Someone with Type 1 diabetes, also known as juvenile diabetes or insulin-dependent diabetes, has a pancreas that produces little or no insulin, a hormone needed to allow sugar (glucose) to enter cells to produce energy. With no insulin, sugar will build up in the blood (as it can’t enter the cells) and this is life threatening. Before 1922, when the first successful dose of insulin was given in Toronto, someone with Type 1 Diabetes would live one, maybe two years, though often dying within months of symptoms showing up. Some treatments pre-1922 included:
- a “nonirritating” milk-and-carb diet, for example, milk with rice and starchy, gummy foods “to thicken the blood and supply salts” or milk and barley water boiled with bread
- powders of fenugreek, lupin, and wormseed
- narcotics, such as opium
- foods that are “easy of digestion,” such as veal and mutton
- rancid animal food
- green vegetables
- a carb-free diet
Banting, Macleod, Best and Collip
Frederick Banting, born in Alliston, ON, attended the University of Toronto. After failing his first year in the General Arts program, he successfully petitioned to join the medical program in 1912. After serving in the First World War, Banting taught orthopedics and anthropology part-time at the University of Western Ontario and ran a private practice that wasn’t doing to well.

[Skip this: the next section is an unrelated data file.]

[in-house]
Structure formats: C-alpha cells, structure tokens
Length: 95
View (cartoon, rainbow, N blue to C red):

In 1921, because he was to give a lecture on the pancreas, he began reading and that led him to research on the idea that the pancreas excreted a hormone that controlled the metabolism of blood sugar. This sparked Banting’s own research along with J. J. R. Macleod, Professor of Physiology at the University of Toronto, who provided experimental facilities and the assistance of one of his students, Charles Best. Biochemist James Collip purified the insulin so it was usable.
Only Banting and Macleod were given the 1923 Nobel Prize in Physiology or Medicine. Banting shared his portion of the award with Charles Best and Macleod shared his with Collip, who is often forgotten in the story of insulin.
Historica Canada’s latest Heritage Minute celebrates the success of this group of 4 men and tells the true story of the first person to receive purified insulin- Leonard Thompson, a 14-year-old boy with diabetes, who lay dying at the Toronto General Hospital.